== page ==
Later, I explored the Ancient World collection. In addition to coins, mummies, coffins (two in one), and jewelry – I saw beautiful sandstone walls from an ancient Egyptian burial chamber (1550 – 1293 B.C.) and alabaster reliefs from an Assyrian palace (883 – 859 B.C.). The silver vessel in the photo above with “cocks and flowering plants “ (cocks = chickens) from Persia (224 – 651 A.D.) is a favorite.
All images are mine from MFA (where they graciously allow photography w/ no flash).
I hope you all had a wonderful holiday weekend. It’s good to be home, though I would have preferred my recent trip to Eastern Africa and Paris not have flown by so quickly. I’m still getting my bearings and figuring out what to make of being home and planning to write all about where I went and why early next year. Just need some time to process.
In the meantime, I’m enjoying those perfect chocolate chip salted cookies from Tandem Bakery, reading The New York Times (paper version!) over breakfast, watching football games (WOW WOW Auburn vs. Alabama and Packers vs. Pats) on TV, fires in the fireplace, the gals of Great Cluck Egg Farm (of course!) and making plans with friends.
Since I came home to the arrival of the holiday season I have also begun writing my holiday cards. Being the responsible lady I am with particular taste, and not knowing exactly when I’d return home, I had ordered a few boxes of Rifle Paper Company’s holiday cards to be waiting for me. I love the company and their holiday cards are all I use.
This morning I went to the local post office to get stamps for said holiday cards and was a wee bit giddy to find stamps featuring four characters from the TV special Rudolph the Red-Nosed Reindeer – the one from the 1950s narrated by Burl Ives. I especially love Bumble, the kind misinterpreted monster. $9.80 for a sheet of 20.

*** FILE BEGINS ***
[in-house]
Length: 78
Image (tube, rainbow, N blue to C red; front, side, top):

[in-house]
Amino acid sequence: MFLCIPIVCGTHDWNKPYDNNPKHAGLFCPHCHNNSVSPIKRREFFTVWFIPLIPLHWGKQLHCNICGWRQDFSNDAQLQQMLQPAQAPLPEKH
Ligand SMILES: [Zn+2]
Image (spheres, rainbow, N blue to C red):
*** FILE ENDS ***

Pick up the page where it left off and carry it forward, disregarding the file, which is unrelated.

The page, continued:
I also brought home a few sheets of the US Postal Service’s – for lack of better description – food lover stamps. As a gal who would prefer to cling to snail mail for personal correspondence, I’ll admit to being surprised it took me reading the December 2014 issue of Bon Appetit magazine over the weekend to bring me up to speed on this line of Forever stamps released back in September that are dedicated to five “celebrity chefs” including the “Grand Dame of Southern Cooking” the one and only beautiful Edna Lewis, teacher James Beard, and author Julia Child.
Illustrations by artist Jason Seiler (my guess is you’ve already seen his other work and it might have made you smile). Wondering how the USPS chose who to put on the sugar-free, fat-free, zero-calorie stamps (the USPS description)? Go here. $9.80 for a sheet of 20.
This is almost enough to make me like the USPS again.
p.s. Sending and Receiving mail in Africa. In those countries where postal service exists (last I heard it was on hold in Somalia), the recipient is notified he/she has mail and picks it up at the place of business in town that doubles as a post office (restaurant/hotel…). I’m not entirely sure how the person is made aware he/she has mail or how long it takes to be notified, but my impression is it is more efficient than one might think (not sure what that means exactly). In cities residents are required to get a post box (no pushing mail through a slot) – which is how it is where I live and at least some other rural areas I know in the United States. There are few street names – even in parts of Kigali (Rwanda’s capital), and even fewer numbered houses (fyi, this can make wiring money and getting/giving directions a total nightmare) = your address is for the purposes of a package – your name/P.O. Box/town/country. Though, actually after writing that I will note almost every home I saw in Rwanda had a number painted on the exterior – so a system seems to be coming into order. To send a letter you need to visit an actual post office or the place doubling as it. For packages, best left to DHL or FedEx (unless a business in a major city, assume this will also require delivering said package or item to the business office).